Francis’s program is to strengthen the bonds of politics and civil society to resist the colonization of technocracy, and yesterday was his bid to persuade the world’s nations to join him.

It expressed, above all the view from the periphery, which – as he has often said –  offers a clearer vantage point from the center. Yesterday, the diplomats assigned to the Vatican got a chance to look at the world through the same lens.


3. Cardinal Pell accuser dies before sexual abuse trial begins.

By Catholic News Agency, January 8, 2018, 5:00 PM

The legal case against Cardinal George Pell of Australia has taken an unexpected turn, after the death of Damian Dignan, who accused Pell of committing acts of sexual abuse.

Dignan died of leukemia last week in the Australian town of Ballarat, which will likely impact a committal hearing scheduled for March 5 addressing the sexual abuse charges levelled against Pell.

In March 2016, Dignan and two former classmates from St. Alipius school in Ballarat who together accused Pell of inappropriate sexual behavior when they were minors. The cardinal had previously been accused of acts of child sexual abuse dating as far back as 1961.

Without the sworn testimony of Dignan in court, it is possible that prosecutors could drop the case altogether. However, Victorian Police did not confirm or deny the plausibility of this happening, especially because the prosecution could still use sworn statements or evidence given under oath made before Dignan’s death.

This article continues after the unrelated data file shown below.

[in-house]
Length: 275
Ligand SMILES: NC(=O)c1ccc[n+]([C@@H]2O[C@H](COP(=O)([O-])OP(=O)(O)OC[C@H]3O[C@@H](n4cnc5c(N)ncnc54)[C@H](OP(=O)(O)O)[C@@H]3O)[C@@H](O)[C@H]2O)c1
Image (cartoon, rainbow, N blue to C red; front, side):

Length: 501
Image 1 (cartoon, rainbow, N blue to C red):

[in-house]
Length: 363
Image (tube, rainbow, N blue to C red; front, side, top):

In addition, up to 50 witnesses are still expected to testify during the upcoming committal hearing.


4. High Court Won’t Hear Challenge to State Law Letting Merchants Refuse Service to Gay People: Mississippi case is latest example of legal fallout following Supreme Court’s 2015 decision extending marriage rights to same-sex couples.

By Jess Bravin, The Wall Street Journal, January 8, 2018, 8:08 PM

The Supreme Court declined Monday to consider a challenge to a Mississippi law authorizing individuals and merchants to deny service to same-sex couples on the basis of “sincerely held religious beliefs or moral convictions.”

The brief order comes as the justices grapple with a case posing many of the same issues in a different context: a Colorado baker’s claim that the First Amendment exempts him from a civil-rights law requiring him to sell wedding cakes to same-sex couples on the same terms as heterosexual customers. The baker, Jack Phillips of the Masterpiece Cakeshop in Lakewood, Colo., says his Christian beliefs frown on same-sex marriage; the case was argued in December and a decision is expected before July.

Gay-rights groups and individuals, viewing the statute as an effort to undermine rights the Supreme Court has extended to gay people over the past 20 years, sued to strike down the Mississippi law. The plaintiffs argued that the measure effectively enshrined specific religious beliefs in state law, violating the U.S. Constitution’s prohibition on official establishment of religion.

In 2016, a federal district judge in Jackson, Miss., temporarily blocked the law from implementation while litigation proceeded. But a federal appeals court in New Orleans later dismissed the suit, finding that the plaintiffs lacked legal standing to challenge the law because none could show they had suffered sufficient harm from it.

The Supreme Court’s action Monday leaves that ruling in place.